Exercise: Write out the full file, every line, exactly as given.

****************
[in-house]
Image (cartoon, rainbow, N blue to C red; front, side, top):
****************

[in-house]
Image (cartoon, rainbow, N blue to C red; front, side, top):